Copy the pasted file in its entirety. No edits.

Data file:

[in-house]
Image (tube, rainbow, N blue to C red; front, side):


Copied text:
[in-house]
Image (tube, rainbow, N blue to C red; front, side):